Ending Extreme Poverty: A Utopian Vision?
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Letter to Friends around the World # 76

For centuries, extreme poverty has been haunting our sense of humanity. For centuries, children, men and women have been devastated by hunger, trapped in ignorance, locked into a cycle of dependency and humiliation.

The world panicked as economic recession—and its dramatic consequences—reared its ugly head. Yet shouldn’t it have started panicking long ago? And how can we not worry that once the most serious aspects of the financial and economic crisis are resolved, the challenge of ending extreme poverty will once again be put out of sight and out of mind? In this world that revolves around money, new principles must be adopted to prevent hundreds of millions of people from falling into poverty, and to lift out of permanent crisis the “bottom billion”—to use the words of the United Nations Secretary General—the billion who do not know what they will eat tomorrow, if they will be able to keep a roof over their heads, or if they will be able to give a future to their children.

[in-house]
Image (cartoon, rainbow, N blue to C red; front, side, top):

People experiencing the worst destitution prove here, through their stories, that liberty and solidarity, right and responsibility, are inseparable values. They call on us to search together for what defines human beings and their future, and for ways to fully take others into consideration— including their history and worldview,  their uniqueness and universality.

Thanks to the association Mati  in Bangladesh, one mother was able to reveal a deeply-rooted aspiration: “I am poor but it makes me proud that even I can contribute something.”In Turkey, by creating the Lepers Hospital and the Association Against Leprosy, one doctor has refused to accept that her patients suffering from leprosy be shut away, isolated from the other patients. In the Democratic Republic of the Congo, an association of farmers and breeders has adopted the mission “to help others understand that the distribution of food supplies and other provisions is not
going to help us develop.”In Ethiopia, the start-up of a library by the association “Let me be a child” offers children experiencing extreme poverty “a wonderful opportunity,
because they can now learn for free.”
“What I would like, one day, is to live to see, enraptured, through my child’s eyes, an end to poverty.”writes a young student in Portugal.

So, is ending extreme poverty a utopian vision? No, it is determination on the move.

Huguette Redegeld